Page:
5. But (there takes place) denotation of the superintending (deities), on account of the difference and the connexion.
The word 'but' discards the doubt raised. We are
not entitled to base the assumption of the elements and the sense organs being of an intellectual nature on such passages as 'the earth spoke,' &c. because 'there takes place denotation of that which presides.' In the case of actions like speaking, disputing, and so on, which require intelligence, the scriptural passages denote not the mere material elements and organs, but rather the intelligent divinities which preside over earth, &c., on the one hand, and Speech, &c., on the other hand. And why so? 'On account of the difference and the connexion.' The difference is the one previously referred to between the enjoying souls, on the one hand, and the material elements and organs, on the other hand, which is founded on the distinction between intelligent and non-intelligent beings; that difference would not be possible if all beings were intelligent. Moreover, the Kaushîtakins in their account of the dispute of the prânas make express use of the word 'divinities' in order to preclude the idea of the mere material organs being meant, and in order to include the superintending intelligent beings. They say, 'The deities contending with each for who was the best;' and, again, 'All these deities having recognised the pre-eminence in prâna' (Kau. Up. II, l4).--And, secondly, Mantras, Arthavâdas, Itihâsas, Purânas, &c. all declare that intelligent presiding divinities are connected with everything. Moreover, such scriptural passages as 'Agni having become Speech entered into the mouth' (Ait. Âr. II, 4, 2, 4) show that each bodily organ is connected with its own favouring divinity. And in the passages supplementary to the quarrel of the prânas we read in one place how, for the purpose of settling their relative excellence, they went to Pragâpati, and how they settled their quarrel on the ground of presence and absence, each of them, as Pragâpati had advised, departing from the body for some time ('They went to their father Pragâpati and said,' &c.; Kh. Up. V, 1, 7); and in another place it is said that they made an offering to prâna (Bri. Up. VI, 1, 13), &c.; all of them proceedings which are analogous to those of men, &c., and therefore strengthen the hypothesis that the text refers to the superintending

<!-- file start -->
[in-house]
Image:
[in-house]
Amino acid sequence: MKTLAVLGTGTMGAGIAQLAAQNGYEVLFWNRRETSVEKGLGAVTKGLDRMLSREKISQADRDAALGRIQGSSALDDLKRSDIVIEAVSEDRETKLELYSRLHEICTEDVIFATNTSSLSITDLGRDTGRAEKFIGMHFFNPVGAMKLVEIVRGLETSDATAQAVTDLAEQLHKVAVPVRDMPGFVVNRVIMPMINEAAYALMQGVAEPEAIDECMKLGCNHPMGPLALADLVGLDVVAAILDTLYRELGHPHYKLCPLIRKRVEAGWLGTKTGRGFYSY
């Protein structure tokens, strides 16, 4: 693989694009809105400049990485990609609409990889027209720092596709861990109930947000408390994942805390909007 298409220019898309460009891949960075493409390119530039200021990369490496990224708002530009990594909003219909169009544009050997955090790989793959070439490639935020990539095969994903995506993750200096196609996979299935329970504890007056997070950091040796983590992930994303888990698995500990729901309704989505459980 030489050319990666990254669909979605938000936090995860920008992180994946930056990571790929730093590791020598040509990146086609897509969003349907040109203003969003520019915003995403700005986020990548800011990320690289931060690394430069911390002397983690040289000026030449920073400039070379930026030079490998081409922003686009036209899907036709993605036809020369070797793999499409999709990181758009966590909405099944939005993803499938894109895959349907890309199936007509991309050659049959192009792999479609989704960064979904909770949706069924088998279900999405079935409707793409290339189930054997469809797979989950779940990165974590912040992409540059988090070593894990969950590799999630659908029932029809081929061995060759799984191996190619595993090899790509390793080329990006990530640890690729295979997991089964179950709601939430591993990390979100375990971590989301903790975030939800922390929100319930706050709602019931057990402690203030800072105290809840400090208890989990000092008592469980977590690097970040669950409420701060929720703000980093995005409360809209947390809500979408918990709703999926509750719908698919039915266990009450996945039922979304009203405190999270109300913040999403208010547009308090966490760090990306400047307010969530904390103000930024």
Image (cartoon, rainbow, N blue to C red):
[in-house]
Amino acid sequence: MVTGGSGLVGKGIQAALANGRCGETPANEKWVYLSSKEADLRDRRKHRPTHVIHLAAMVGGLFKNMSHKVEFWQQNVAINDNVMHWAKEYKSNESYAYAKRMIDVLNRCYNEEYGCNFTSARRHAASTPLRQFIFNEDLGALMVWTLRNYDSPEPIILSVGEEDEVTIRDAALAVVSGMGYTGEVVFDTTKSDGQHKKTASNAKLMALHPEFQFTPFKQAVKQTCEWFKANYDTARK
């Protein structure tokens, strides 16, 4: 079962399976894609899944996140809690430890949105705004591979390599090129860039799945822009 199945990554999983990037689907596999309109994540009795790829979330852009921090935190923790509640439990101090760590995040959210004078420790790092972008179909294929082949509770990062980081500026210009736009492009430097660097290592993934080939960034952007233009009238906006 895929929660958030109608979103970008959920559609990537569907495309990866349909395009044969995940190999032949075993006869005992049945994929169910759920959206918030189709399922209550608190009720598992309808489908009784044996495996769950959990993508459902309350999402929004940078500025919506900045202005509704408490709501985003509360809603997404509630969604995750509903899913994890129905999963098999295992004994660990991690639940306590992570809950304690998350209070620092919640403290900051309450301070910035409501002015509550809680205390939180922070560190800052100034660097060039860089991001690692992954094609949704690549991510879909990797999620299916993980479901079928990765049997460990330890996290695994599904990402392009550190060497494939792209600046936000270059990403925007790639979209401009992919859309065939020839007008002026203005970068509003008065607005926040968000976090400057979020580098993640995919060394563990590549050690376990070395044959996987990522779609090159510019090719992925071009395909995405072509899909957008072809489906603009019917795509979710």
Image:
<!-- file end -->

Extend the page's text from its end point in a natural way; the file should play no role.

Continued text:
deities. In the case of such passages as, 'Fire thought,' we must assume that the thought spoken of is that of the highest deity which is connected with its effects as a superintending principle--From all this it follows that this world is different in nature from Brahman, and hence cannot have it for its material cause.
To this objection raised by the pûrvapakshin the next Sûtra replies.